MINNEAPOLIS — Regardless of what happens during an opponents' drive toward the goal line, if there's a blade of grass — or synthetic turf — to defend, the Vikings defense believes it can do so.
It didn't matter Sunday if the Jets made it to the Vikings red zone six times in the second half. Nor that New York had first-and-goal from the Minnesota 4-yard line with four plays inside the 2-minute warning to take the lead.
It also didn't matter that the offense was unable to move the chains after Jordan Hicks broke up a pass in the end zone intended for Braxton Berrios on fourth-and-goal from the 1.
Just 24 seconds of game later, Minnesota had to go back out and get one final stop, which was provided when Camryn Bynum intercepted a pass intended for Corey Davis at the 1-yard line to end a fourth-and-10 from the 19.
Asked how hard it is to face repeated goal-to-go situations for an offense, Hicks said, "We don't think about that. We play the next play."
"I think that's what makes this team special. It doesn't matter about the situation," Hicks added. "We are just out there playing defense, and as the cliché goes, as long as there's a blade of grass to defend, then we do it. That's the mentality of this defense."
The pick by Bynum, who also tipped a pass that Harrison Smith intercepted earlier in the game, sealed a 27-22 victory and improved Minnesota to 10-2 on the season, which includes a 4-0 sweep of the AFC East. This is the first time Minnesota has swept the division since the NFL formed its current alignment in 2002 (the NFC North plays the AFC East every four seasons).
"Our guys expect to find a way, and I think the situational success on third down and red zone, players can feel that," Head Coach Kevin O'Connell said. "Although we feel like at times maybe defensively we're giving up some chunks yardage-wise, or offensively we just can't punch through like we did on that touchdown drive in the fourth quarter, that was just execution by our guys offensively; and at the end of the game there, defensively, being at their best when we need them to be, that's kind of been the theme for us this year.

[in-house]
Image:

"I still think it's within us to be a little more consistent, coach a little bit more consistent, but as I told our team, 10 wins in this league through 12 opportunities, I think they've earned the right to feel confident, but I do think we've got to prepare like every single week is the most important game of our season because that's what we've done," O'Connell said. "I give our players a ton of credit, our leadership a ton of credit for that. As we move forward here, we're going to continue to be tested, and we're going to have to earn the right to go into these games with the confidence this 10-2 record means absolutely nothing. We've got to go prepare, get better and play our best here at the end of the season."
The Vikings defense turned in a dominant first half, limiting the Jets to 2-for-8 on third downs and only allowing 6 points, including 3 on a 60-yard field goal by Greg Zuerlein that set a New York franchise record near the end of the second quarter.
Minnesota contained the run, limiting the Jets to 32 yards on nine carries, and only allowed Mike White to complete 14 of 26 passes with a passer rating of 50.3.
The Jets didn't advance the ball past the Vikings 30 a single time in the first half, but they were able to find explosive plays in the second half.
New York had drives of 43 and 62 net yards in the third quarter and followed with possessions that covered 63, 75 (24 on a penalty), 83 and 24 in the fourth quarter.